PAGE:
In fact Newt says straight out, "People like you, don't they, Mr. Kowalski?" and expresses envy that this is the case, saying that most people find him annoying. Likability is presented as a coveted trait and, more importantly, it acts as the catalyst for Jacob's entry into the magical world. It's only because he's trying to help out a stranger----"Hey! Mr. English Guy! I think your egg is hatching!"----that he's able to get involved with Newt in the first place.

After that it's Jacob's love of both human and animal nature that keeps him around. Jacob isn't just interested in helping his new friends, but in helping Newt's animals as well, which immediately endears him to our hero. Jacob is, to date, the first person besides Dumbledore who truly supports Newt's desire to educate people about magical creatures, rather than killing those creatures in the name of human safety. It's telling then that most of Jacob's interactions with Newt's creatures are violent ones: he's bitten by the Murtlap, nearly killed by the Erumpent, almost crushed to death by the Occamy, and is warned of the Obscurus' dangers by Newt himself. Despite this, Jacob never once suggests that they kill the animals in turn, only capture or avoid them. His ability to recognize that these individual encounters do not mean that all magical animals are evil is crucial to Jacob finding his place within Newt's circle and by extension his place within wizarding society. Jacob's willingness to forgive makes him one of Newt's most powerful allies.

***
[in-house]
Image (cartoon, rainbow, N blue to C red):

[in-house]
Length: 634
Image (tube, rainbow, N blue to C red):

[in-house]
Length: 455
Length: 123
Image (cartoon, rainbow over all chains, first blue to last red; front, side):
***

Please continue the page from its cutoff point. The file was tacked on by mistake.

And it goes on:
Ultimately, it's compassion that makes Jacob extraordinary-----a part of the magic. Queenie is the first to welcome him into their world, saying that Jacob is "one of us now" while in the midst of helping another, namely saving Jacob himselffrom being obliviated. She later claims that, "I ain't never gonna find anyone like you" and when Jacob (focusing on his supposed normalcy as a muggle) says that there are "loads like me," Queenie draws the audience's attention back to the uncommonness of his caring nature with, "No. No. There's only one like you."

A character like Jacob isn't just rare, he's downright magical. Our film ends with his smile----he's the very center of Fantastic Beast's moral message----but before it does Newt makes sure that he (and we) know exactly where his worth lies.

Jacob: Everybody knows Newt only kept me around because... Hey, Newt, why did you keep me around?

Newt: Because I like you. Because you're my friend. And I'll never forget how you helped me, Jacob.

Jacob: ...Oh.

Oh indeed.